Pesticides Silencing Nature
Prophetic predictions made in the 1962 by Rachel Carson (in her book, Silent Spring) about the ecocidal effects of pesticide are sadly being proven by modern science. A recent publication detailing the results of long term research in Japan makes frightening reading.
Japanese scientists were able to prove a sudden collapse in insect and plankton numbers in lakes after “neonicotinoid pesticides” were used on rice paddies. Smelt and eel populations soon fell dramatically as their direct food source disappeared. Prof Olaf Jensen, at Rutgers University in the US said the work provided “compelling evidence” that the use of such unnatural chemicals are destroying nature, affecting entire food webs. Its worth noting that similar levels of neonicotinoid pesticides have been found in rivers in the UK and the likelihood is that Ireland’s watercourses are similarly affected.
What makes the Japanese research different is that it’s the first to prove the knock-on effects of insecticides on fish. But studies carried out throughout the globe point to similar consequences in other natural environments: the use of poisons has caused die offs in species such as mayflies, dragonflies and snails. Knock on declines are evident in the birds that feed on such insects. Indeed insecticides have been shown to disorientate migratory birds disruption natural cycles that have existed for millennia.
To quote environmentalist and campaigner Matt Shardlow: “Japan has had a tragic experience with nerve-agent insecticides. In the paddy fields, where the air once thrummed with the clatter of billions of dragonfly wings, these insecticides have imposed near silence.”
What makes this story even more unbearable is that Rachel Carson, and many other environmentalists were often ostracised from the scientific community for challenging the status quo. However in developing nations in poorer parts of the world, murder is common to silence the protests of those who seek to restrict profits. Scientific American recently asserted that environmental activists often have higher death rates than soldiers in these poorer countries. The Guardian reported that almost four defenders of nature were murdered a week in 2017.
Here in the “civilised west” the malignant influence of the huge and powerful producers of chemical products is still at play in less overtly violent ways. The neonicotinoid market is valued annually at $3bn giving these firms massive leverage to fund so called “think tanks” and commission doctored “scientific” reports. A lack of foresight by Governments helped compound the problem: Governments have gradually reduced the funding provided to Universities to carry out independent studies which would have challenged the madness sooner. And so up until now, the lack of genuine independent research was regularly filled by the vested interests, who produced reports to further their own ends: sales and profits, all the while allowing the natural world to suffer.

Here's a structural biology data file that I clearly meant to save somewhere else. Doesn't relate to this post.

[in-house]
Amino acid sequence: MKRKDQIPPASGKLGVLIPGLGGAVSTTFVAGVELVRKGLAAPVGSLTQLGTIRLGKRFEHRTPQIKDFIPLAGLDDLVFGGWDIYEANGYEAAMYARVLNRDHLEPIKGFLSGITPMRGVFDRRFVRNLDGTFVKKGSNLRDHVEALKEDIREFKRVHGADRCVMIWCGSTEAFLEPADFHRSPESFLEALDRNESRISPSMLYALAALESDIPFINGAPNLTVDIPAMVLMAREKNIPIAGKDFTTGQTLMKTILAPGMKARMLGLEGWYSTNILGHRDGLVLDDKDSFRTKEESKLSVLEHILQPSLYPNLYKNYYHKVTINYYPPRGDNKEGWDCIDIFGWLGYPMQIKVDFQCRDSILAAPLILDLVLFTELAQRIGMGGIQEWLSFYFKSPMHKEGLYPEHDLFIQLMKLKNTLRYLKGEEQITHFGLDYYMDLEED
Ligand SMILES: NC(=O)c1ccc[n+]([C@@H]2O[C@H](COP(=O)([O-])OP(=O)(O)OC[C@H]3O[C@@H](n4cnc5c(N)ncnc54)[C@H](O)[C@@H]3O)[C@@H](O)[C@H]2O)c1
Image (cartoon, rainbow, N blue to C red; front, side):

Even today, Europe is polluted by lobbyists (funded by vested interests) to ensure EU policy remains weak and ineffective in stopping ecocide. Closer to home we can see the results of this calculated brainwashing in creating an agricultural production system that is heavily reliant on chemical inputs. Our educationalists and in turn our farmers have been sold a pup and are now facing into the thin end of the wedge. Our farmers now find themselves as vulnerable commodity producers who starve while creating vast profits for the huge organisations that supply chemically based products. Indeed ten years ago many farmers and agriculturalists genuinely believed that agricultural production without chemical fertilisers, herbicides, persticides was impossible. Thankfully organic growers are proving this myth wrong.
What can we do? Challenge and object to the ad-hoc and unnecessary use of herbicides (weedkillers), pesticides in our communities, schools and places of work. Many in Ireland have developed an unhealthy obsession with “tidiness” which results in the regular spraying of poisons on roadside verges and even graveyards. It’s time for us all to rethink our approach and push back against ecocide.